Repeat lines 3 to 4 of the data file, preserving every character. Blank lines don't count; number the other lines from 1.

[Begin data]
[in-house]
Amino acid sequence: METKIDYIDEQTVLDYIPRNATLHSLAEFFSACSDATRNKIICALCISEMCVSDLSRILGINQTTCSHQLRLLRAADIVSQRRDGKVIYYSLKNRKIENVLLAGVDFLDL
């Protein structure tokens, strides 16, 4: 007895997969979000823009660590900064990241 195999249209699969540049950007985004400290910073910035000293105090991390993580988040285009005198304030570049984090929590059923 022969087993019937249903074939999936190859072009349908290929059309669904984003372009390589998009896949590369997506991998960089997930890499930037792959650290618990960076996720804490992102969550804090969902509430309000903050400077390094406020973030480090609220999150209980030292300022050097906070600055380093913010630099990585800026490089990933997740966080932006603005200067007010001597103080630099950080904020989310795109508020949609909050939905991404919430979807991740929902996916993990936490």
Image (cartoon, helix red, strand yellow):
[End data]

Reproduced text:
């Protein structure tokens, strides 16, 4: 007895997969979000823009660590900064990241 195999249209699969540049950007985004400290910073910035000293105090991390993580988040285009005198304030570049984090929590059923 022969087993019937249903074939999936190859072009349908290929059309669904984003372009390589998009896949590369997506991998960089997930890499930037792959650290618990960076996720804490992102969550804090969902509430309000903050400077390094406020973030480090609220999150209980030292300022050097906070600055380093913010630099990585800026490089990933997740966080932006603005200067007010001597103080630099950080904020989310795109508020949609909050939905991404919430979807991740929902996916993990936490």
Image (cartoon, helix red, strand yellow):